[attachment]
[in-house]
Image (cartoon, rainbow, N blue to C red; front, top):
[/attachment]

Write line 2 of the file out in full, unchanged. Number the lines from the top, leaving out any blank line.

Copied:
Image (cartoon, rainbow, N blue to C red; front, top):